Those FIRs were pretty much entirely based on the intern’s original blog post and Legally India’s interview with her, since the intern was fairly unequivocal in her original blog post and interview that she did not intend to pursue the case legally or ruin the Ganguly’s life (he was at that point still anonymous, while the intern wrote under her real name):

“I bore, and still bear, no real ill-will towards the man, and had no desire to put his life’s work and reputation in question. On the other hand, I felt I had a responsibility to ensure that other young girls were not put in a similar situation. But I have been unable to find a solution that allows that. Despite the heated public debates, despite a vast army of feminist vigilantes, despite new criminal laws and sexual harassment laws, I have not found closure. The lack of such an alternative led to my facing a crippling sense of intellectual and moral helplessness.”

Perhaps somewhat naively, she never expected Ganguly’s name to become public or for it to spiral into a national debate as it did, but, being a lawyer, she would have suspected better than most how slowly the legal system moves and how slim her chances of closure would be in a case of her word against the word of a former judge, heard before his peers and quite possibly defended by more than a dozen senior lawyers (as did happen barely two months later in Swatanter Kumar’s case).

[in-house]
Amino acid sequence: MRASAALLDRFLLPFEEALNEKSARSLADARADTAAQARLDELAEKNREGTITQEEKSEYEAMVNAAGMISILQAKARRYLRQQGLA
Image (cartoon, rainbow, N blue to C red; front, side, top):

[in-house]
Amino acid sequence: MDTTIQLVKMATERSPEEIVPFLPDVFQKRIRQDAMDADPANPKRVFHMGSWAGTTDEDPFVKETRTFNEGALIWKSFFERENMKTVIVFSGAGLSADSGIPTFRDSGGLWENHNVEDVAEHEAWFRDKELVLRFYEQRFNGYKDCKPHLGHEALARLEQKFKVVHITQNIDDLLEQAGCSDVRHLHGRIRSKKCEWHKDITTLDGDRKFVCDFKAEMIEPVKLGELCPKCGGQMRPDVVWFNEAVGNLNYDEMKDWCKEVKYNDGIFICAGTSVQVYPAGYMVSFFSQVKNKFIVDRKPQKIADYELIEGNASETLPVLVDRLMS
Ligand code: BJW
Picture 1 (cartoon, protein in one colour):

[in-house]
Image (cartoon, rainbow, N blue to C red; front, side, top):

Nevertheless, almost immediately there were calls for the intern to “woman up” and cooperate with the criminal inquiry already (for the sake of harassed women everywhere) or to shut up, not dissimilar from the media circus around and similar pressures on the accuser of Tarun Tejpal.

A few days after the story broke, DCP Tyagi had called me on his investigation, since I was, for a while, the only journalist to have spoken to the intern. He requested me to ask the intern to give a full report to the police, in part because after a celebrated early-November 2013 Supreme Court judgment, the police could get punished for not following up on cognisable FIRs within 7 days.

I did pass the message on, but I also told him that in light of the Supreme Court having constituted an internal inquiry into the matter, which the intern was cooperating with, it seemed unlikely that she would want a parallel investigation to upset the precarious constitutional balance even further at such a delicate time.

I understand that there had been two brief email exchanges between the intern and the police about figuring out a time to talk, but that fizzled out some time six months ago.